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24 hours in Kandy, Sri Lanka

Kandy is the hill country capital and gateway to the tea region of Sri Lanka. This former Kingdom is a colourful, bustling city of markets, temples, spice gardens, a picturesque lake and surrounded by scenic natural beauty – offering a range of cultural and dynamic experiences for all types of travellers. Located in the centre of the island and accessible by road, train or even sea-plane, the city is ideally located for most itineraries en route to or from Colombo, the cultural triangle or tea country. While there is plenty to keep one entertained for days in Kandy, here is how to best experience this vibrant city in an action packed day. Rise and shine After a tropical breakfast, make the most of the cool of the morning and head to the nearby university town of Peradeniya and visit the Royal Botanical Gardens. A nature lover’s paradise, these vast and beautifully maintained gardens are home to a great variety of native medicinal plants, fragrant flowers, spices and towering rows of palms and giant bamboo. The orchid nursery is a must see showcasing hundreds of delicate orchids from all over the world. A visit to the spice garden is a sensory experience as you rub, sniff and nibble your way through exotic native spices. Well-read botanists can be booked to walk you through the fascinating facts and ayurvedic uses to the plants. If you prefer a more relaxed excursion, simply spend hours strolling the maze of paths through this 147 acre garden wonderland. Mid-morning stroll Visit the heart of the city, the Kandy Lake. Built in 1807 by King Sri Vikrama Rajasinha, the protected lake located smack-bang in the middle of the city, is shrouded in myth and tales that local Kandyans are always willing to share. Shaded by frangipani trees, enjoy a walk around the 3.4km perimeter of the lake to really take in the vibe of this frantic city. Be sure to take a time out and cool down with a snack of pineapple doused in salt, pepper and chilli, a favourite local delicacy from mobile street vendors balancing their produce precariously on their heads. Afternoon delight When it’s time for lunch, head to the Empire Cafe, a relaxed foodie haven down bustling Temple Street. The café is housed in the colonial, Olde Empire Hotel a designated UN conserved building that has been around since the 1890’s. During its time the Olde Empire building has been used as a coffee factory, rollicking pub and since the 1970’s a tourist guesthouse and restaurant frequented by lawyers and legal workers from the once neighbouring district court and many others. The menu offers a range of fresh Western dishes, signature Empire classics with a Lankan twist as well as a divine rice and curry spread, all made with locally sourced, seasonal produce. Choose to dine in one of the kitsch turquoise and pink dining rooms or take a seat on the breezy verandah over-looking the Temple of the Tooth and watch the lotus sellers going about their daily trade. There are a variety of boutiques in the immediately surrounding area of the café worthy of a browse. Selyn, a fair-trade certified handloom store, is a personal favourite. The shop is well laid out with colourful fabric selections and take-home mementos including sustainable jewellery, kids toys, keyrings and stand-out tableware. A little further a-field is the Kandy market, a memorable shopping experience with vendors peddling exotic fruits, fabrics, spices and leather goods — be ready to bargain! Twilight The sacred Temple of the Tooth or Sri Dalada Maligawa is Kandy’s most sacred site. This Buddhist temple is a palatial complex of atriums and gardens with the most revered and intricately decorated chamber said to house the sacred tooth relic of the Buddha. Purchase a lotus from the vendors on Temple Street then take a twilight guided tour through the incense scented grounds of this significant site alongside hundreds of worshippers dressed in white, making their daily offerings. There is a daily cultural show at the temple grounds starting from 5pm, a worthwhile opportunity to witness displays of traditional drumming, masked Kandyan dancing and mesmerizing fire twirling. If you are lucky enough to be in Kandy in August, book your tickets in advance to Esala Perahera for a jaw dropping, vivid, parade of cultural and historical significance that kicks off at nightfall. Overnight stay For a guaranteed memorable sojourn in luxury and significant Kandyan history, book a stay at The Kandy House. Located just outside the city, this former royal ancestral home, built in 1804 has been sympathetically restored to its former glory while seamlessly blending the creature comforts of today. With only nine uniquely designed bedrooms this property has the feel of staying in warm family home rather than a hotel. Indulge in a gourmet three course dinner on the sprawling garden verandah, or request a romantic private dining experience in the ambalama overlooking paddy fields or down by the hidden infinity pool surrounded by a manicured, tropical jungle. At the end of the night retreat to your spacious and richly decorated bedroom, prepared with fine linens and a luxurious four-poster bed fit for a King and Queen! Harshi Hewage is the Marketing Manager at Manor House Concepts. If you would like to be a guest blogger on A Luxury Travel Blog in order to raise your profile, please contact us.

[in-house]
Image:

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  1. Kandy sounds great – 24 hours does not sound like enough time there, but this is a great idea of what to do with only one day to spare. I would prefer to spend a week I think, because it looks like a great place to visit. Sleeping in a hotel of former royalty would be a wonderful treat and something to really talk about.

  2. ‘Hill country’ sounds like its going to be a huge workout when exploring lol! I love places with markets and lots of food to try so this really sounds great for me. I’ve never been to a spice garden before but I bet I’d love that too. There sounds like there is so much to do here – an ideal holiday for couples I think!

  3. Another thing you also shouldn’t miss in Kandy is the Bahiravokanda Vihara Buddha Statue. It is a little walk up the hill but totaly worth it!

  4. I’m planning to visit Sri Lanka in 2020 and I intend to spend more than a mere 24 hours in Kandy. This is a very helpful guide as to what I ought to see and I can start planning our itinerary around these highlights. And thanks to Tanja for adding the unspellable and unpronounceable Buddha statue too. I look forward to the walk to see it.